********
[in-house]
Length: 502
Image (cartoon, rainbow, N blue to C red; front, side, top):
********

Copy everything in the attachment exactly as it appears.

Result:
[in-house]
Length: 502
Image (cartoon, rainbow, N blue to C red; front, side, top):